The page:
This week we visited the new exhibition of Martin Laborde at Corner Door; we learned more about Kenneth Anger, we passed by the exhibition Juiceworks, we watched artist movies made by Heidi Bucher and Liz Magic Laser; and we wished you Happy Valentine’s day with the song Je t’aime…moi non plus performed by Serge Gainsbourg & Jane Birkin.
The air in Human Resources was fragrant, full of fresh citrus. Shimmering ceramic bowls of tangerines, lemons, and grapefruits lay scattered about the gallery, adding splashes of bright color to the cool and dimly lit space.
Michael Parker’s interactive Juiceworks installation ended today at Human Resources Los Angeles. Over the past several months, Parker created dozens of ceramic juicers, bowls, plates, and cups, and arranged them on halved-log tables in HR’s white cubic space. The instruments themselves look like the briny vertebrae of mysterious sea creatures, fragments of barnacle-coated abalone shells shining opalescent under the soft glow of ethereal lamplight.
When I visited, several small groups had gathered around tables, sitting on low stools of wood and soft coiled rope, chatting as they juiced their citrus. I picked up a delicate ceramic bowl, its pale blue rim mottled fuscia like a head of cabbage, and washed it in a nearby sink. Even the basins full of running water were made of porcelain.
As I sipped from my cup of fresh-squeezed juice, I looked around the room and noticed that citrus fruit had brought us all together. A symbol of Southern California utopianism, citrus has–since the early days when Orange County meant oranges–been commodified, transformed into a major agribusiness. Cold steel machines in distant factories do our juicing, further alienating our labor as Marx once predicted. But sitting there with a handmade porcelain tool and cup in hand, I felt connected to the fruit and their tart, refreshing taste. This was a juicery of dreams.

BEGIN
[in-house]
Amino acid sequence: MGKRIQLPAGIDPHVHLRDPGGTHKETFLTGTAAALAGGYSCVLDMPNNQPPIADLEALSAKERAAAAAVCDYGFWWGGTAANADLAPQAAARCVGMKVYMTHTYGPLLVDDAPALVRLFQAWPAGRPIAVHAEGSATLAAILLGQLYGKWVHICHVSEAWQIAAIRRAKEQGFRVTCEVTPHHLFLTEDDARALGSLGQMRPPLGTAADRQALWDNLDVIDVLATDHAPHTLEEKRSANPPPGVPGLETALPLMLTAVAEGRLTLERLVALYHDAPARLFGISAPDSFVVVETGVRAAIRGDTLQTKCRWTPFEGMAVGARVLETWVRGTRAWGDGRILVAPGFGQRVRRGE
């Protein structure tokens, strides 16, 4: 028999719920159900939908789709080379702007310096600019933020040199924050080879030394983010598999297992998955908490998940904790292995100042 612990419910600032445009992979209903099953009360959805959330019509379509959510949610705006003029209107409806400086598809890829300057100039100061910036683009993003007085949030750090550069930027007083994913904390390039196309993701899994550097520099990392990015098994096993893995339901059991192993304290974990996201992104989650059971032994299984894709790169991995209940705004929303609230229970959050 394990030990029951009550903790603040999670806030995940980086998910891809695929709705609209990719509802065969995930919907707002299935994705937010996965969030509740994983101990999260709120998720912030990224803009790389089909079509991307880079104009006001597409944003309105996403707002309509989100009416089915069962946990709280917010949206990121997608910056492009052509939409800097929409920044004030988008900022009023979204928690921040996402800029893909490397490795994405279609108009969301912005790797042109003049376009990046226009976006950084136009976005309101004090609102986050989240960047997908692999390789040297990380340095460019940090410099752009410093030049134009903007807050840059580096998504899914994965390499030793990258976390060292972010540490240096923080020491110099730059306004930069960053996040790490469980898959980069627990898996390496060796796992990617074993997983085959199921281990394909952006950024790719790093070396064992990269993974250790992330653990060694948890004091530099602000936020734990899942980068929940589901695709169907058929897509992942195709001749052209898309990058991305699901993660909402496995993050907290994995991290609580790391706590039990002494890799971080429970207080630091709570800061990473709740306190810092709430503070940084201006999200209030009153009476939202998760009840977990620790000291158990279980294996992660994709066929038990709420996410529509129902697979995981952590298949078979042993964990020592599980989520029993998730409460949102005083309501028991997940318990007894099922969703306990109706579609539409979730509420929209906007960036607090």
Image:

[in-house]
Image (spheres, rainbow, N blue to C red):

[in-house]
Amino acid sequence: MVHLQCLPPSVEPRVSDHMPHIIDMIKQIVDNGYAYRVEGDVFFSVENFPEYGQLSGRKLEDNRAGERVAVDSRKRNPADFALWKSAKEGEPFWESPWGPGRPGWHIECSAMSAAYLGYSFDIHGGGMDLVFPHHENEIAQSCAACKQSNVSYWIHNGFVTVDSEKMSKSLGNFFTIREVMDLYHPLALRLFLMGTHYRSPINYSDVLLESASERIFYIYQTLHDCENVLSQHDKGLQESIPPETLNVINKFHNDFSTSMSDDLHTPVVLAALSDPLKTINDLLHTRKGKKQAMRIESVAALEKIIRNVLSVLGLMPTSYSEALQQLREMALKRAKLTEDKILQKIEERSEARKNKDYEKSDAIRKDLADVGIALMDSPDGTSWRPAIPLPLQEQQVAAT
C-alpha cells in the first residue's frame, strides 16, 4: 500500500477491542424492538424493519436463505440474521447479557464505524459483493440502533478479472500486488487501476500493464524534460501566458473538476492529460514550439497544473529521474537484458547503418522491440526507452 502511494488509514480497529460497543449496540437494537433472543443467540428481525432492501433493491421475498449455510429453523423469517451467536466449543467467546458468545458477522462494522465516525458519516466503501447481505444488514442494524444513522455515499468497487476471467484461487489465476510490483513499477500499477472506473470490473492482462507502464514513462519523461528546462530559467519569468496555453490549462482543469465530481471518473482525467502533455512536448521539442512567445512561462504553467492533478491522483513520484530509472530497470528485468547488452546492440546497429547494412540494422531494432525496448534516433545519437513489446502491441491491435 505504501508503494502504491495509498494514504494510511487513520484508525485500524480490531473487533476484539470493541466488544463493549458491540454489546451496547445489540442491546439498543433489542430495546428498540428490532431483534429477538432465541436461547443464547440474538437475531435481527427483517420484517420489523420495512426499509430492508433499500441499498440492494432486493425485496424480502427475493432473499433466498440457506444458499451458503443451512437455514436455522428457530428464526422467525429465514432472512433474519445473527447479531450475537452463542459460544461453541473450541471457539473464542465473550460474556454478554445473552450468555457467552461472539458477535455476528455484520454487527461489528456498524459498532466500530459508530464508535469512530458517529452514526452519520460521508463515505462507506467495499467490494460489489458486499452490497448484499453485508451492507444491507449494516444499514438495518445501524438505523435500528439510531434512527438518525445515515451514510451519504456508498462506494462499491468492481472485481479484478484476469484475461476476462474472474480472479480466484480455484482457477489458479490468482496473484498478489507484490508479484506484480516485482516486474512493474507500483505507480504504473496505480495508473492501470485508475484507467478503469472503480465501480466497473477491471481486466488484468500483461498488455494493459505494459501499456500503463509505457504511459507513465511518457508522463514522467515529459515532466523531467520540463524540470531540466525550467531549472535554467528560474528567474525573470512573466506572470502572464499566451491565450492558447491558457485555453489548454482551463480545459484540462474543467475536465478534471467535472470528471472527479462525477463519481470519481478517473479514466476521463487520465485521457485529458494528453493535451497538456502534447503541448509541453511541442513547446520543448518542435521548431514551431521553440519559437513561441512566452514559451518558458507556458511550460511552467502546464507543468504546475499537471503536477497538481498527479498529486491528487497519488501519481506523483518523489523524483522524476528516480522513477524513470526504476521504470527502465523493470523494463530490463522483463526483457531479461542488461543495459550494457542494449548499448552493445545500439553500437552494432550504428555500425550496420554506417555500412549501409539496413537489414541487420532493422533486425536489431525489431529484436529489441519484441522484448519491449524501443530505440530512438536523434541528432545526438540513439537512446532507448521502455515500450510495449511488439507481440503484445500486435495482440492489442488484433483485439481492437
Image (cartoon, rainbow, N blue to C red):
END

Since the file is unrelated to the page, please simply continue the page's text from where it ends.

I recently visited the American Museum of Ceramic Art in Pomona, California, where I discovered the work of Betty Davenport Ford. Ford is a sculptor who has been active in the California ceramics scene since the 1950s. Her clay forms usually take the shape of animals and plant life. In addition to her sculptures, I really enjoyed the documentation of Ford working in her studio, and photographs of her outdoor sculptures, and her home, which is decked out in Mid-Century Modern furniture and designs.